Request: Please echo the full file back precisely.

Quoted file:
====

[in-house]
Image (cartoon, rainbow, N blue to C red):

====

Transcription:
[in-house]
Image (cartoon, rainbow, N blue to C red):